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Stomacher contributes to on-going cosmetic product safety campaign

Laboratory blender ideal for both sample prep and small scale production of topical therapeutic and cosmetic products

Stomacher 80 microBiomasterSeward Limited has announced the application of its patented Stomacher paddle blender range in a newly developed analytical protocol for cosmetics product safety. Mercury in cosmetic products, such as face creams, has been illegal in the US and EU for many years, but its presence in imported products remains a potential problem. The hidden dangers of imported products contaminated with toxins has become a focus of public health professionals concerns. Consequently, researchers at San Francisco State University, California Department of Public Health and The FDA combined to devise test protocols for detection of mercury in imported face cream products1.

The method developed relies on the Stomacher® 80 microBiomaster to prepare standard samples to produce a calibration curve for a technique applying X-Ray fluorescence. Measured quantities of mercury sulphide were suspended in a Carbomer® 940 matrix, an emulsion designed to suspend particulate materials and homogenised using the Stomacher. The results of the programme fully support the methodology developed for product screening.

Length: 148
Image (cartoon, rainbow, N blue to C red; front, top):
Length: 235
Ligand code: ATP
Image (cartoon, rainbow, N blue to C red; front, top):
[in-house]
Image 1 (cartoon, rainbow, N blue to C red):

The Stomacher® laboratory paddle blender range is extensively used in cosmetic and pharmaceutical quality control and development. It has also been used in small scale production of topical therapeutic and cosmetic products in development projects. The familiar benefits of Stomacher blending with the sample contained in a sterile plastic bag and the blender never contacting the sample eliminates the risk of cross contamination. It also allows small scale batch processing without losing sample in the blender mechanism or producing aerosols. 

A full copy of the abstract is available on request at www.seward.co.uk.
 

Reference:

[1] COMPARISON OF XRF, TXRF, AND ICP-MS METHODS FOR DETERMINATION OF MERCURY IN FACE CREAM

Peter T. Palmer, San Francisco State University; Gordon Vrdoljak, California Department of Public Health; Richard Jacobs, Food and Drug Administration


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